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Magnitude and Impact Factors of the Gender Pay Gap in EU Countries
Report financed by and prepared for the European Commission
• Sector affiliation and working hours are the main drivers of the gender earnings divide in EU countries
Today, HWWI has published a report financed by and prepared for the European Commission. The study undertakes a comprehensive analysis of the sources of wage differences between male and female workers in Europe. To this end, the 2010 wave of the Structure of Earnings Survey (SES), the 2013 wave of the EU Statistics on Income and Living Conditions (SILC) and the 2013 wave of the EU Labour Force Survey (LFS) were explored. Corresponding to the three data sets, the study consists of three modules which build on each other. A non-technical summary precedes the comprehensive report. In what follows, some core results of the study are highlighted.
Based on SES data for 21 EU countries plus Norway, we measure the European (country overarching) gap in average wages of men and women to be about 15.3% in 2010. This is slightly lower than the most recent result of 16.1% published by Eurostat for 2014. Apart from the different time of measurement, this discrepancy is explicable by the fact that some countries faced data constraints with respect to the potential sources of the gap which are analysed in this study. The study therefore refers to 21 EU-countries plus Norway.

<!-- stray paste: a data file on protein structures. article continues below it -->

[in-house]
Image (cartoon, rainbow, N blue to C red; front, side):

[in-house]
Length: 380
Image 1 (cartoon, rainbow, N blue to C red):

About one third of the overall gap (4.4%) can be traced back to the role of influences accounted for in our analysis. A wage difference of 10.9% remains as the unexplained gap. Hence, women earn 10.9% less than men even when gender differences in educational attainment, occupational choice, working hours and other observable attributes have been taken into account. However, at country level the picture varies considerably (see the diagram below). The overall gap ranges from 3.6% for Poland to 25.1% for Estonia. From a geographical perspective, it is noteworthy that 7 out of 10 Middle and Eastern European states exhibit gaps clearly below average, with the Czech Republic, Slovakia and Estonia marking the exceptions. Among the West European countries, only Italy exhibits a very small gap (4.5%). That is, countries with low wage gaps tend to be characterized by low female labour market participation, suggesting the existence of a positive selection of working women with respect to productivityrelevant characteristics and/or a trade-off between familycompatible jobs and jobs offering attractive pay.
Splitting the gap into single driving factors reveals considerable variation across countries. However, there is a range of countries where gender discrepancies in job-related characteristics explain significant portions of the overall gap. Specifically, a significant part of the gender pay gap is due to the fact that women are overrepresented in industries with low pay levels.